|Strabismus in Childhood|
Strabismus or squint/crossed eyes , occurs
when there is a misalignment or lack of co-ordination between the two
eyes. Generally with this condition, the two eyes point in different directions.
The misalignment is a result of the failure of the eye muscles to work
together properly, caused by muscle weakness in the eye (leading to uneven
muscle development), injury, other eye diseases, a brain tumour, or a
tumour in the eye (cf. ).
It is usually diagnosed in childhood, but can also occur later in life.
An estimated 4% of American children have some degree of crossed eyes
and it affects boys and girls equally. Most children with crossed eyes
are otherwise normal, but there is a high incidence of this disorder in
children with cerebral palsy and hydrocephalus. Crossed eyes often worsen
when eye muscles are tired-for example, late in the day, in bright sunshine,
or during the course of an illness. Crossed eyes sometimes cause double
vision in children, but more commonly does in adults. If untreated, crossed
eyes are likely to worsen with age. Crossed eyes are classified by the
way the eye deviates:
- Esotropia or convergent strabismus . The
most common form, which occurs when the eye turns in toward the nose.
More than 50% of children with crossed eyes have this form.
- Accommodative esotropia is a variation
in farsighted children whose eyes cross because of the effort to focus.
- Exotropia or divergent strabismus , sometimes
called walleye , occurs when the eye drifts
outward. Sometimes eyes will drift up or down.
- False or pseudo-strabismus is a condition
in infants that looks like crossed eyes but is not. In fact, the appearance
of crossed eyes is caused by an extra fold of skin that some children
have near the inner eye, a broad flat nose, or eyes that are unusually
close together. Pseudo-strabismus will disappear as the child's face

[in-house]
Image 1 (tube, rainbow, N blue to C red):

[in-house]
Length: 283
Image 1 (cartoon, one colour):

Symptoms and Signs
The most common symptoms and signs of strabismus include:
- Mis-aligned eyes and uncoordinated eye movements, either constant
- Tilting head to look at things
- Frequent eye movements
- Rubbing of eyes
- Double vision
Diagnosis and Treatment
The doctor will usually check for deviations in eye movement, if the
child has an inability to keep one eye fixed on an object and if visual
acuity is poor in one or both eyes, to confirm a diagnosis of strabismus.
Treatments range from glasses to surgery. Glasses can be used to correct
mild crossed eyes, by improving focusing and redirecting the line of vision.
Sometimes an eye patch over the strong eye helps the weak eye focus. Exercises
may also be prescribed to strengthen the weak eye. In some cases, drops
are put in one eye, clouding vision and forcing the weaker eye to take
Surgery either strengthens or weakens an eye muscle in order to balance
a pair of muscles.
In a relatively new medical technique, a medication called botulinum (Botox)
is injected into an eye muscle. This temporarily weakens and relaxes the
muscle and allows the opposing muscle to tighten. The effect of the medication
wears off in several weeks, but the correction may be permanent.
With timely and appropriate treatment, the prognosis is excellent. Most
of the time crossed eyes can be corrected, both for visual and cosmetic
The information in this page is presented in summarised form and has been taken
from the following source(s):
Intelihealth.com, Children's Health Section: http://www.intelihealth.com/
(def;articles & more)